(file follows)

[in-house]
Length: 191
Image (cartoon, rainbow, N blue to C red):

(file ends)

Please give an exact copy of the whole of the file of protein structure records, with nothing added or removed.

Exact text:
[in-house]
Length: 191
Image (cartoon, rainbow, N blue to C red):